[SIGCIS-Members] Ayyadurai: keeping it simple

Thomas Haigh thomas.haigh at gmail.com
Fri Jan 6 06:35:38 PST 2017


Hello SIGCIS,

In response to the various suggestions that a comprehensive rebuttal would
need to engage with Ayyadurai's efforts to define email in a very specific
way: yes. A comprehensive rebuttal would. That's why my page
www.sigcis.org/ayyadurai is very long and detailed, which also makes it off
putting to casual readers. I urge anyone with an interest in the case to
read it before commenting further.

My comment was more about a concise and convincing way to explain why this
is not a usual invention priority dispute. I do not recall anyone prior to
Ayyadurai claiming that things like mid-1970s Arpanet electronic mail or
Xerox Laurel were not email. For example, Janet Abbate's book Inventing the
Internet talks without reservation about "email" as the killer application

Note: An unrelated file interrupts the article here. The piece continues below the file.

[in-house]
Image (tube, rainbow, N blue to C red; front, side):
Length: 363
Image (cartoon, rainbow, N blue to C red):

of the ARPANET in the mid-1970s. 

The SIGCIS community does not need to anoint a "first" for email to agree
that something produced in 1978/80/82 cannot possibly be the first email
system. Here's an analogy: not everyone believes that the Wright Brothers
were the first to fly when they took to the air in 1903. There are other
contenders, other definitions, etc. Some people favor Whitehead in 1901. But
if someone tells you he invented the airplane in 1918 you don't need to ask
about the details of his system. A lot of well documented flying had
happened by then. Just show a dated photograph of the Red Baron. And if the
would-be inventor of the airplane justifies his claim with a new 60 point
definition of airplane you are not obliged to take that definition
seriously.

Best wishes,

Tom



-----Original Message-----
From: Members [mailto:members-bounces at lists.sigcis.org] On Behalf Of
McMillan, William W
Sent: Friday, January 06, 2017 6:56 AM
To: Sigcis <members at sigcis.org>